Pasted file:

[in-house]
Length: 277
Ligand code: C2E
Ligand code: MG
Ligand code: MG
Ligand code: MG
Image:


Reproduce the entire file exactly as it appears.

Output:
[in-house]
Length: 277
Ligand code: C2E
Ligand code: MG
Ligand code: MG
Ligand code: MG
Image: